Decommissioning — The uranium fuel in three of Fukushima’s six reactors had melted down in the accident, and the resulting explosions blew open the roofs of three reactor buildings. This released radioactive cesium, iodine and other fission elements over the sea and land around the Fukushima plant. Water was poured into the damaged reactor buildings using fire hoses, and the highly radioactive water flowed directly into the Pacific Ocean. So, sea, sky and land have all been hit hard by the Fukushima nuclear disaster.

TEPCO has managed to clean up the Fukushima accident site to some degree by capping the exposed roofs, removing the spent fuel from a damaged reactor and putting experimental “ice walls” in the ground to block the flow of groundwater that was washing contamination from the site into the Pacific Ocean. TEPCO is still pumping massive amounts of water through the highly radioactive and overheated reactor buildings, and collecting as much of that water as possible and storing the water on site in about 1,000 tanks. But the available space for those tanks is running out and there is a big question of what will be done when the space is gone — not to mention the problem of contaminated water leaking from some of those storage tanks.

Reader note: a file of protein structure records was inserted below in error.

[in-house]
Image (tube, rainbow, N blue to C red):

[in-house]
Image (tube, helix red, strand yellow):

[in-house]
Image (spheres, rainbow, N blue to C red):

The biggest problem, however, remains the issue of how to locate the molten nuclear fuel and other debris at the site that melted down in the accident — and how to get it out of there eventually. The core remains so radioactive and so hot today, five years after the initial meltdown, that no human can go near it; efforts to use robots to do the job have not been wholly successful either.

Conservative estimates place the full decommissioning of the crippled Fukushima nuclear power plant as being completed some time around the year 2060, well beyond most of our lifetimes. As for the molten nuclear fuel at the Fukushima site, prospects for that being completely removed by the expected date of 2020, four years from now, are looking increasingly slim. But if it can be accomplished, it will be just in time for the 2020 Summer Olympics to be hosted in Tokyo.